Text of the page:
Hard work pays off for El Campo's Hunt

Feb. 1, 2012 at 11:04 p.m.
Updated Feb. 1, 2012 at 8:02 p.m.

El Campo's Joey Hunt makes a tackle for Team USA in the International Bowl on Wednesday. Hunt signed with TCU in a ceremony for the game's participants earlier in the day.

El Campo's Joey Hunt makes a tackle for Team USA in the International Bowl on Wednesday. Hunt signed with TCU in a ceremony for the game's participants earlier in the day.

AUSTIN - El Campo senior Joey Hunt is used to laboring in the trenches.

Some football fans are too busy following the ball to notice Hunt paving the way for running backs or keeping opposing guards off the linebackers behind him.

But, for a lineman, the ecstasy a running back enjoys on an ankle-breaking touchdown run, he feels on more simple, unnoticed plays.

"A pancake is a good thing to seal on the offensive side of the ball," Hunt said. "Or if you seal the edge real well and they break a sweep off of you."

On Wednesday, high school football fans and players from all over the globe took notice of Hunt. The senior was one of 54 players who represented the U.S. under-19 football team in the 2012 International Bowl.

The International Bowl is an all-star game that pits the U.S. against players and coaches representing 19 different countries.

The World team captured a 35-29 win before a crowd of 3,285 at the Round Rock ISD's Kelly Reeves Athletic Complex.

"They're the best competition I've ever played in a game and it was really exciting to come out here and represent the U.S.A.," Hunt said.

Hunt, played defensive tackle in a 3-4 scheme, recorded two tackles and quarterback hurry.

The game was the conclusion of a life-changing day for Hunt. On Wednesday morning, he signed a letter of intent to play at TCU.

"Joey was one of our first commitments," said TCU head coach Garry Patterson. "He's very strong and smart. He's a winner and someone we liked from the beginning."

Hunt was a defensive end and tight end growing up, but when he started growing into his 6-foot-3, 285-pound frame, a move to offensive and defensive tackle was imminent.

For Hunt it didn't matter where he lined up, as long as he had a chance to do what few Class 4A players do, start on both sides of the ball.

"Being just a sophomore, I wouldn't say 'No that's not what I'm playing,'" Hunt said. "I played where coach told me to play."

Not only did Hunt play, he excelled. In his career he tallied 16 sacks, forced 15 fumbles and recovered 10 and totaled 240 pancake blocks and allowed only one sack.

He earned the first-team All-District 23-4A honors and was named all-state on the defensive line as a junior and offensive line as a senior.

"It's a testament to his attitude and heart," said El Campo head coach Bob Gillis. "This is my 34th year and he's the best lineman I've coached."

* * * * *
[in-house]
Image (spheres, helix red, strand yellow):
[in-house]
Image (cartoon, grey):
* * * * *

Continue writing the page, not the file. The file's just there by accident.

Both teams made their way to Austin on Friday and after a few days of practice played the game.

It didn't take long for Hunt to earn the respect of the U.S. coaching staff.

"He does everything you want him to do with intensity at all times," said U.S. defensive line and Round Rock Stony Point head coach Craig Chessher. "He's a coach's dream. I was thrilled to meet him and look forward to keeping up with him the next few years.

Colleges started sending letters and questionnaires to Hunt after his sophomore season.

Hunt had been to TCU football games and watched some of the team's practices when they were preparing for the 2011 Rose Bowl against Wisconsin.

He verbally committed to TCU and made the move official during a signing ceremony for the game's players.

"If TCU's on TV, I'll be watching," Gillis said. "I'm sure more sooner than later he'll be playing. I think TCU's got a great football player."

Hunt was more than his a star on the field at El Campo, he's also on the school's student council and is seventh in his graduating class.

"I work out year-round, watch football, play football video games, but I do a little school work too," Hunt said.

Although linemen may be anonymous to some fans, Gillis said Hunt was a team leader. Gillis knows someone has big shoes to fill next season, figuratively and literally.

"If I could redshirt him, I'd redshirt him and bring him back," Gillis said. "Unfortunately, I can't."

Although Team USA lost the game, Hunt is looking forward to moving to Fort Worth and playing for the Horned Frogs.

"My head's been spinning around just thinking about different things and knowing that I'm going to be at TCU," Hunt said. "I'm going to be somewhat of a grown up now."

GAME NOTES: The World team's win was its first in the three-year history of the all-star game. Auburn commit Gimel President (Mount Pleasant, S.C.) was named the U.S.'s Most Valuable Player. Anthony Coombs from the University of Manitoba in Canada was named the World's MVP. Coombs ran for 147 yards and two touchdowns on 14 carries. President had a total of four tackles, three of which were unassisted for loss. Jarred Solomon (Bishop Gorman, Las Vegas) went 5-for-8 passing and led the U.S. with 105 yards and a touchdown.

Frank Epitropoulos, an Ohio State commit, caught three passes for 98 yards and a touchdown. Will Finch (Nelson Lords High, Canada) led the World with 169 yards and two touchdowns. Jahlani Gilbert-Knorrean from the University of Saskatchewan was the World's leading receiver with 125 yards and a touchdown.



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